The Econometrics Journal News

First Winner of Denis Sargan Prize To be Announced

  • Published Date: 28 March 2014

The winner of the first ever Denis Sargan prize will be announced at the RES Manchester Conference April 7th – April 9th.

This prize is awarded for the best (unsolicited) article published in The Econometrics Journal in a given year by anyone who is within five years of being awarded their doctorate. The winning article was published in The Econometrics Journal during 2012. An honorarium of £1000 is awarded to the winning author. The prize will be presented by Professor Sir Richard Blundell during the Denis Sargan lecture which will take place on Wednesday 9th April 13.30 – 14.45 in University Place Theatre B.

The Denis Sargan Econometrics Prize commemorates the fundamental contributions to and profound influence on econometrics made by (John) Denis Sargan. Denis Sargan, after periods spent at the Universities of Leeds, Minnesota and Chicago, was appointed initially as Reader in Econometrics and then held the Chair of Econometrics at the London School of Economics and Political Science from 1963 until 1984. He was Tooke Professor of Economic Science and Statistics from 1982 until his retirement in 1984 and was President of the Econometric Society in 1980. Denis Sargan died in 1996.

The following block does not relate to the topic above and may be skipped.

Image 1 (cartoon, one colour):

Denis Sargan’s research was prescient anticipating many of the themes that now dominate the econometrics literature. His 1964 Colston paper “Wages and prices in the United Kingdom: A study in econometric methodology” introduces the error correction mechanism that underpins much macroeconomic empirical research. Modern concerns with near identification are reflected in Denis Sargan’s Presidential Address to the Econometric Society in 1980 published as “Identification and lack of identification” in Econometrica in 1983. He made a number of seminal and substantive contributions to research on the estimation of linear simultaneous equations and instrumental variables models that also feature centrally in current econometric enquiry. His investigations into exact finite sample properties of econometric estimators and statistics and the development of improved asymptotic approximations to their small sample behaviour reflected his deep concern with the accuracy of econometric inferences.

The winner of The Denis Sargan Prize is chosen by The Econometrics Journal Editorial Board (Managing Editor and Co-Editors). Further details may be found on the Prizes page.

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